Virus Outbreak Unemployment Overload

Visitors to the New York Department of Labor are turned away at the door March 18, 2020, in New York City.

(The Center Square) – Despite the beginnings of a reopening of its economy, New York was one of just a dozen states seeing an increase in new unemployment claims in the latest numbers released by the U.S. Department of Labor.

Another 226,000 New York residents filed for unemployment insurance in the week ending May 16, bringing the state’s total during the nine weeks of the coronavirus crisis to 2.2 million.

The week ending March 14, just before the shutdown order was imposed in an effort to limit the spread of the virus, New York had just 14,272 unemployment claims.

Nationally, another 2.4 million Americans filed for jobless benefits, bringing the total since mid-March to about 39 million. However, as states begin to reopen their economies, many of those who have filed should be returning to work.

California led all states with 246,000 unemployment filings. Washington state had the biggest jump with a 31 percent increase, and Maine had the biggest decline at 91 percent.

Meanwhile, the Department of Labor is stepping up efforts to combat fraud in the unemployment program. States have been under pressure to process claims and deliver benefits quickly, which can lead to missteps.

“The integrity of the unemployment insurance system, including the new unemployment insurance programs under the CARES Act, is critical to ensuring temporary benefits are provided only to eligible claimants,” Assistant Secretary for Employment and Training John Pallasch said in a news release. “The Department of Labor will continue to help states quickly pay benefits to eligible claimants and ensure employers have access to the workforce they need to reopen, while protecting taxpayer dollars from fraud.”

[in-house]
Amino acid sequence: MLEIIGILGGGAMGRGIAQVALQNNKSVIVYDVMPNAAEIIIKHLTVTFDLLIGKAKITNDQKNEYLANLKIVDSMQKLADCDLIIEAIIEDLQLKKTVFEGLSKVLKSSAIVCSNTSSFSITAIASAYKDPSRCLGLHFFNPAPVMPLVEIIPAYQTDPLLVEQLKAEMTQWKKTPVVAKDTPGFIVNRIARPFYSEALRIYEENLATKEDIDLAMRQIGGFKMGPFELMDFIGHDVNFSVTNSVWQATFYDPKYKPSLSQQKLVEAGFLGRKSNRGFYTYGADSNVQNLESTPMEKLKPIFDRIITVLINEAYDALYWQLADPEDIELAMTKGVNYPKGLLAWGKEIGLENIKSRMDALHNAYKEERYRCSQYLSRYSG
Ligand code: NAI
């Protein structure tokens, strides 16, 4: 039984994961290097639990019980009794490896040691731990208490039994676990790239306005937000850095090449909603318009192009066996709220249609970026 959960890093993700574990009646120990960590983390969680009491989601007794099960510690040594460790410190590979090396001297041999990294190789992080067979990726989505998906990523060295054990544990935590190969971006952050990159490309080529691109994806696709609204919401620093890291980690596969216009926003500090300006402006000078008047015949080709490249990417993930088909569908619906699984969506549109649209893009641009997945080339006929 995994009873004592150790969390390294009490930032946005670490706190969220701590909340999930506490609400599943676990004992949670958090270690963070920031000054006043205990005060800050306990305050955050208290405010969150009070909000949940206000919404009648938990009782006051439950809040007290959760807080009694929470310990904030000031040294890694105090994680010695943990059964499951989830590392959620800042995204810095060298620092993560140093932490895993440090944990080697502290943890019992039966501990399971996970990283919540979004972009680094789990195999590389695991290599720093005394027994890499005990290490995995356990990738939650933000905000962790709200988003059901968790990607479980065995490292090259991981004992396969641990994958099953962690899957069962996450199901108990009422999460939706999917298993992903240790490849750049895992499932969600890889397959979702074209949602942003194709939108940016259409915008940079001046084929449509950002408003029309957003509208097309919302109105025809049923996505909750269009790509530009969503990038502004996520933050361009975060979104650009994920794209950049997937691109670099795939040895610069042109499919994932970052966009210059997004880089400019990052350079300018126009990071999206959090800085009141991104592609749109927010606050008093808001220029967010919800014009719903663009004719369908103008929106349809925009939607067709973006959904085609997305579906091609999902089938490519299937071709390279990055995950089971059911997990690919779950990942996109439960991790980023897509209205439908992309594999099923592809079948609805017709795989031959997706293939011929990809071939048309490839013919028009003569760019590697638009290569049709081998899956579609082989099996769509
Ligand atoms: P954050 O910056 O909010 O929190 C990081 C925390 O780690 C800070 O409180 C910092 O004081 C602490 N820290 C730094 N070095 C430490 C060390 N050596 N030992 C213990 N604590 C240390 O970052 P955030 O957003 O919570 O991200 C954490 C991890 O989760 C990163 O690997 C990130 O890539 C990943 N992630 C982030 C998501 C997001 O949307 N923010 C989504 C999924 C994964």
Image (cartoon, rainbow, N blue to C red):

The department offered a list of state hotlines for reporting fraud, and it issued a reminder to everyone involved in the labor system of their obligations to help prevent abuse of unemployment benefits.

“[C]laimants should understand their state’s requirements on accepting offers of suitable employment; employers should understand their obligation to report all instances of potential fraud, waste or abuse; employers and claimants should understand that refusing suitable work may cause suspension of benefits; and workforce partners should pivot to employee engagement, employer outreach and job referrals for the more than 33 million Americans who find themselves unemployed,” the department stated.

Regional Editor

Dave Lemery is a veteran journalist with more than 20 years of experience. He was the editor of Suburban Life Media when its flagship newspaper was named best weekly in Illinois, and he has worked at papers in South Carolina, Indiana, Idaho and New York.